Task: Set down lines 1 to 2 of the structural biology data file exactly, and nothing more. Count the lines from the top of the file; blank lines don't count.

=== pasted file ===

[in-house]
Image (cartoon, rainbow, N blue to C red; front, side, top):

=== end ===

[in-house]
Image (cartoon, rainbow, N blue to C red; front, side, top):